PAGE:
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Chameleons range from tiny to huge, from brightly colored to bland, from cartoon adorable to dragon-like and downright scary. In spite of this plethora of characteristics, though, most come from somewhat similar habitats. The greatest portion of chameleons are tropical tree dwellers who adhere to trunks and branches using a prehensile tail and feet that have opposable thumbs. Other chameleon habitats include the forest floor and even desert environments.
One interesting fact about these lizards is that they are native to only the Eastern hemisphere. By far, more chameleon habitats are found on the East African island of Madagascar than any other place. While other varieties are found along Africa’s northern and eastern coasts, West Africa has no native chameleons. The southern portions of Europe and India, however, are home to a number of chameleon species, but those that are found in North or South America are descended from escaped pets. The green anole, which many people mistake for a small, bright-green to brown chameleon, is a lizard but not of the same family.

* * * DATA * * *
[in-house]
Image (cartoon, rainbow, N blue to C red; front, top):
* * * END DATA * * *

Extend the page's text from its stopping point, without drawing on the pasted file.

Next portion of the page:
Most chameleons are fond of both warm sunshine and high humidity. They prefer the safety of trees and have evolved to blend with their surroundings. Tropical leaves and branches are also home to many kinds of insects. As chameleons have eyes that move independent of one another, they can spot insects that have roamed too close and gobble them up with their long, sticky tongues in an instant.
It is advantageous for them to be able to blend into their chameleon habitats in order to hide from insects, so tree-dwelling chameleons are generally bright green in color, some with spots, stripes, or blotches of yellow, red, or orange to blend in with tropical fruits and flowers. Those who are ground dwellers are drab in color, typically browns and darker greens. Chameleons do not change color to blend into their surroundings as is commonly believed, although they will change color due to temperature, if they feel they are in danger, or during mating.
Among chameleon habitats, the most unusual one is the southwestern African desert of Namib, where the namaqua chameleon finds its home. Surviving in this fiercely hot and dry environment means this lizard has had to adapt in every way. There is so little rainfall that the only available water source is the dew that collects on their bodies, which they drink.
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